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  • Writer's pictureNick Allen

The case for physical fitness testing during the annual medical exam

One of my college professors used to remind our class often that what we choose to measure is important. It becomes what we prioritize and what we naturally attempt to optimize. This is undeniably true in healthcare. We’re finally starting to recognize how important it is to prevent disease before symptoms arise. This means relying on measurements that suggest we should initiate treatment even when patients are feeling well. I think this is great, and you’d be hard-pressed to find a primary care physician who doesn’t think it’s important to keep blood sugar or cholesterol numbers optimized. My concern doesn’t have to do with the tracking of these proven metrics, but rather our failure to track the most important metrics we have pertaining to health and longevity.


In virtually every study, VO2 max (a measure of cardiorespiratory fitness we discuss often) and grip strength are better correlated with longevity than any health metric. We love to cite this study from JAMA in 2018 showing that the risk of mortality associated with a low VO2 max dwarfs the risk of mortality associated with smoking, high blood pressure, end stage kidney disease, and more. If measures of strength and cardiorespiratory fitness are so critical to health, how are they ignored in healthcare entirely?


I think there are a few reasons for this. Clinicians and patients understand that exercise is important, and that generally more is better. Why waste our time with measurements to tell us that we should exercise more? Additionally, whereas we have pills to help when blood sugar or blood pressure are too high, there’s no medication that will improve strength or cardiorespiratory fitness. Doctors may feel like they don’t have much to offer when a patient’s grip strength or VO2 max is below average.


While these arguments are understandable, I think they’re missing a few key perspectives. Though it’s true that the majority of people would benefit from more exercise, there’s a distinct motivation that comes from actually having a metric to follow. Remember, what you choose to measure is important. On top of this, I think that having a doctor tell you that something is not up to par hits home in a unique way. This is especially true if that doctor can eloquently explain the massive health risks associated with low strength and poor cardiorespiratory fitness.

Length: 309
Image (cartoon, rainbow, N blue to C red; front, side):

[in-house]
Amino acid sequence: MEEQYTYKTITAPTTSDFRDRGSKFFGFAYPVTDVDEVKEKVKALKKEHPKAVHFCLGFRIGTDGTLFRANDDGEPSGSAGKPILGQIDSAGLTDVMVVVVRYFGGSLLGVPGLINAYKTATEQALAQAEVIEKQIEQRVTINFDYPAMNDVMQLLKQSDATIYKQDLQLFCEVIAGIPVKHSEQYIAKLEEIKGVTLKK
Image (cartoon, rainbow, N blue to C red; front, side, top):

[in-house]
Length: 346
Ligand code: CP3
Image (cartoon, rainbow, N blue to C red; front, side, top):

In terms of how to “treat” poor physical fitness, some doctors are beginning to write exercise “prescriptions” that are meant to be taken as seriously as prescriptions for medications. At the very least, primary care clinicians should know the basics. It’s reasonable to expect that all can identify the specific shortcomings (strength, aerobic capacity, anaerobic capacity) and direct the patient towards an appropriate exercise regimen. Those with an interest in this space can probably go into much more detail. As with any other medical concerns, they can always refer to a specialist if they determine that more in-depth guidance is necessary.


Though it’s not conventional medicine, no doctor should be able to ignore the metrics most strongly tied to overall health and longevity. Time and time again, studies have suggested that measures of strength and cardiorespiratory fitness are the best we have for predicting healthspan. Their inclusion as part of routine medical exams would almost certainly lead to better health outcomes and long-term cost savings. If it’s true that we prioritize what we measure, this one seems to be a no-brainer.





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